Restaurant menus worldwide have been replaced by QR codes stuck to the table during the COVID-19 pandemic. Physical menus were judged too difficult to clean and could act as infection vectors. Since everyone has a smartphone nowadays, QR codes were attractive alternatives instead of asking clients to type in the restaurant’s URL on their phones.
Before, QR codes were mainly used for advertising purposes to offer a quick way for the consumer to visit a website while reading a paper magazine. Several startups have also tried to launch a QR code payment product over the years. While this has become a wild success in China and other parts of Asia, it never really caught on in other parts of the world.
These uses are still a far cry from the real reason for their invention in 1994: to follow and quality-check cars on the production line as they were being built. They quickly became popular for physical linking websites in the real world, but because that wasn’t their initial application, they also lacked security measures.
Quick Response(QR) codes are random enough that millions of unique images can be generated. Still, the technology itself is so simple that it can’t detect basic things like a URL not pointing to where it advertises. This makes QR codes an excellent tool for phishing attacks in a world where consumers are increasingly adept at noticing potential scams.
This article will outline five things that should always be on your mind when you see a QR code out in the world. These five behaviors will be able to keep you safe and handle any situation a QR code scammer might throw at you.
Not All Codes Should Be Scanned
QR codes have become so ubiquitous that we don’t think twice before using them anymore. Fake QR code parking scams have popped up in San Antonio, Texas, and Atlanta. The scammers simply slapped stickers on parking meters around the city. Victims were taken to a website asking for their credit card information which was then stolen and sold.
The checks on public QR codes are as simple as the ones on an email phishing attack. Make sure that the URL in your browser after scanning the code is the one you wanted to go to. Similarly, take a good look at the page’s design to catch any mistakes.
Never Scan an Email QR Code
It’s safe to say you should never, under any circumstance, scan a QR code sent via email. The only rationale for sending a QR code via email is to hide a fraudulent link to circumvent security measures put up by an organization.
Scammers using this method typically try to pass for a large corporation like a bank since they’re likely to be trusted and introduce new technological measures like QR codes. It’s simple; there’s no reasonable justification for putting a QR code in an email. The only reason is to hope the person receiving the QR code won’t look at the URL before clicking.
Proceed With Caution with QR Payments
QR code payments are a business that many companies have tried to build and failed. Ironically, the main reason why these startups never worked out is because of low consumer adoption of QR codes and security issues. Not only were QR codes rare, but they were so easy to use nefariously that investors had a hard time putting money into such projects.
However, QR payment codes are the norm in China and several parts of Asia. Large corporations to street vendors use them to have everyday transactions with customers. Whether you’re travelling or seeing one of the rare QR payment applications in the western world, it’s best to ask merchants for an alternative payment method.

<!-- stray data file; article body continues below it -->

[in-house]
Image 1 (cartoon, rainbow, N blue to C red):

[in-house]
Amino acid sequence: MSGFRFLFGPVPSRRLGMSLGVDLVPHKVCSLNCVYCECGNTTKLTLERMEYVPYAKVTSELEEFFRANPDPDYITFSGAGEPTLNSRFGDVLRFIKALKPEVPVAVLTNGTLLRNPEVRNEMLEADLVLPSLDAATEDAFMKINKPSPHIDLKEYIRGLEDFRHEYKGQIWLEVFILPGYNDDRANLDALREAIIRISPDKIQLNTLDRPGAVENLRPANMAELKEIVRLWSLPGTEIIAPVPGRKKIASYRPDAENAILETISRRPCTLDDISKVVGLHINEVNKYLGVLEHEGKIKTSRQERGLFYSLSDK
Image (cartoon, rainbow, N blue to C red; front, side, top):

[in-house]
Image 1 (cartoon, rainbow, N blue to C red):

If the merchant insists on QR code payment, it should be a red flag to you. If it’s your only option, make sure that a recognized app handles the payment. For example, these payments usually run through WeChat or AliPay in Asia, and these platforms can be trusted since they control billions of dollars in transactions every year.
Any other platform or suspicious app should never be used for QR code payments.
Always Scan with your Phone’s Camera
There are many QR code scanning apps on the respective stores hosting them. While some might be simple, well-built software, many of them are scams. They might simply be malware, but most attempt to inject code as they scan QR codes to misdirect you to a fraudulent website.
The solution is simple: using your smartphone’s camera app. Whether you’re on Android or iOS, your camera app can read QR codes and show you a preview of the URL before clicking on it. You can trust the security of an app built by Apple or Google, and you can thwart most phishing attempts with the preview feature.
Be Wary of Social Media QR Codes
Like the email QR codes previously mentioned, you should never click on a QR code sent via the messaging functionality of a social network. However, certain social platforms, namely Spotify and Snapchat, use a version of QR codes to allow users to connect easier.
This has led hackers to digitally alter QR code images to fool users into visiting a different website upon scanning. You should only scan QR codes displayed on the official website or app of the concerned social media platform. That way, you can be sure it hasn’t been modified maliciously.
The Rise of QR Codes
QR codes will likely be in our lives for the foreseeable future. Whether they will still be a niche offering or become more widespread. Either way, you should know how to protect yourself from the scams linked to this technology. The behaviors outlined in this article should cover almost every QR code situation.
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